Friday, April 08, 2016

Yoga for Linking Breath and Movement

breath and movement
By: Virginia Iversen, M.Ed

As the coldness of winter begins to recede, you may be noticing that the pulsation of new life all around you is propelling you to dissolve and release stagnant energy. This stagnant energy is often located in the hips, shoulders and throughout the thoracic spinal area. You even find that there is quite a bit of stagnant energy in your home, after several months of spending your time indoors with the windows closed. In the same way that doing a deep spring cleaning of your home lightens up and energizes your living space, dissolving stagnant energy in your body will help to lift your spirits and revitalize your life force energy or prana. 

One of the primary ways of releasing stagnant physical and emotional energy is by linking your breath with your movement in and out of the postures. Many highly-regard Yoga teachers have been known to remind their students that the absolute most important aspect of the practice is to continue to breathe as you move through the asanas. Without the breath, the beneficial aspects of the practice are substantially diminished. There are many different pranayama or breathing techniques that can be incorporated into a Yoga practice. One of the most effective and accessible pranayama exercises for releasing stagnant energy and energizing the entire body is Ocean Sounding Breath or Ujjayi Pranayama. 

This easily learned Yogic breathing technique removes blockages throughout the energetic pathways in the body, known in Sanskrit as "nadis." When pranic energy can flow freely throughout the energy pathways of the body, you will feel lighter and much more ready to spring into action, whether this is on the Yoga mat or off the mat. Ocean Sounding Breath is practiced by partially closing the glottis at the back of the throat, as you breathe in and out evenly and calmly. If you are practicing Ocean Sounding Breath or Ujjayi Pranayama correctly, you will be making the sound of the ocean in a conch shell, or for all those Star Wars fans out there, the sound of Darth Vader! 

By linking your breath with your movement as you practice a sequence of asanas, your cortisol level will naturally begin to fall, which will help you to relax and move out of an a state of flight or flight, into spaciousness and peace. Additionally, Ujjayi Pranayama helps to balance the sympathetic and parasympathetic nervous systems, which will leave you feeling calm and energized after a Yoga practice. Flowing through a series of asanas while practicing Ujjayi Pranayama will also effectively dissolve stagnant energy throughout your body and mind so that you are ready to spring into action during this fresh new season. The linking of breath with movement is optimally learned under the guidance of a certified Yoga teacher.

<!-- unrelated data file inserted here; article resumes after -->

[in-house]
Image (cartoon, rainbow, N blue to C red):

Although it may not be readily apparent, allowing you the time to practice calming Yogic breathing exercises is also important for replenishing your life force energy. A few of the more accessible calming pranayama exercises are Relaxation Breath and Dirga Pranayama. Both of these pranayama exercises will help to quiet the mind and ameliorate anxiety by invoking the relaxation response in the body. For detailed instructions on how to practice any of these Yogic breathing techniques, please visit Aura Wellness Center's You Tube Channel.

If you close your Yoga practice with ten minutes of resting in Shavasana while practicing the Relaxation Breath, you will find it easier to rest when it is time to rest, so that you are ready to spring into action with the dawning of each new day. 

Virginia Iversen, M.Ed, has been practicing and studying the art of Yoga for over twenty years. She lives in Woodstock, New York, where she works as a writer and an academic support specialist. She is currently accepting Yoga and health-related writing orders and may be contacted at:

© Copyright – Virginia Iversen / Aura Wellness Center – Publications Division
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1 comment:

parvezbdjsr said...

One of the primary ways of releasing stagnant physical and emotional energy is by linking your breath with your movement in and out of the postures.